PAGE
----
Monday, 15 January 2018

Beijing... better late than never? Part 2

Just 3 days before we left home for our tour we got a final itinerary, well they sent us one but it still wasn't accurate.
We should have been forewarned when the first paragraph read like this!

During this tour almost everything will be different to what you may be used to. We have found that our customers who embark with a sense of humour and adventure, and who accept that things can and do go wrong are those who find their experience the most rewarding. Do not be surprised if you experience odd sights and smells. Travelling in India and China requires patience with crowds and potential delays. "
I can accept delays due to the unforeseen but not to the avoidable.
There wasn't ever a flight that we could have taken the previous day that would have given us the expected time at leisure in Beijing.
Picked up from the airport we arrived at our hotel at around 8.00am. The days tour had been re-arranged and instead of setting off early it was put back to a 10.30am start. Great! 
A full restful sleep I think not and the tour was a walking tour of the Forbidden City too. This is what the online brochure advertised too
Screen Shot 2018-01-15 at 18.04.15

Ignore the delicious looking Peking Duck, we'll come to that later. Look at the entry on the left, "you need a whole day to explore the Forbidden City".
All aboard our coach we had our first surprise of the day. We had acquired two guides it appeared, a National Guide and a City Guide. Both provided by Wendy Wu, the ground agents.
An entry on the letter that accompanied our final itinerary written by Wendy Wu and received just before we left was as follows
Tipping - Tipping is a necessary part of the tourism industry worldwide. For your tour, we recommend the following tipping amounts to the local guides and drivers:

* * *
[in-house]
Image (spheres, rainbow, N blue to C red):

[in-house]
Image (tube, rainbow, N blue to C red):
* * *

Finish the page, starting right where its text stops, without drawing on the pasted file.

China: RMB80 per person per day 
Southeast Asia: US$7-9 per person per day 
India: US$9 per person per day 
Singapore: SGD3 per person per day 

Our National Guide who was to accompany us through the Chinese section of the tour announced that she would be collecting the said amount from each of us the following morning .
It didn't go down too well, in fact she was told in no uncertain terms that tipping was at our discretion and certainly wasn't paid in advance for service not yet received.
We all have our views on tipping. Personally I think it's outdated and it's time people were paid a decent wage that reflected what they do for a living. Others no doubt disagree but I think it's ridiculous that some people get tipped when others don't, all might be giving you a service of some description. Anyway, tipping has always been alien to China, in fact many places will refuse your tip so why are Wendy Wu trying to bring it in as part of their wage structure. Pay your people properly and pass on your costs in the prices you charge for your services. 
Had everyone given the expected amount the guide would have received over £1000 in cash how much of which would be passed on to others who knows!

Anyway off we set on the bus but by the time we arrived at The Forbidden City it was past midday.
First we were dropped off at Tiananmen Square which was for the second time we have visited was closed to the general public. 
Last time it was because of a visit by President Obama, this time President Trump was in the congress hall, a huge motorcade was preparing to leave as we arrived.